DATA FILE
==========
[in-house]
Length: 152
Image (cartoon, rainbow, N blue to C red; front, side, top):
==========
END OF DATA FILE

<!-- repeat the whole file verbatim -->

[in-house]
Length: 152
Image (cartoon, rainbow, N blue to C red; front, side, top):